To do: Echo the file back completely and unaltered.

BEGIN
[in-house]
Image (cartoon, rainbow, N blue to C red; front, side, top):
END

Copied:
[in-house]
Image (cartoon, rainbow, N blue to C red; front, side, top):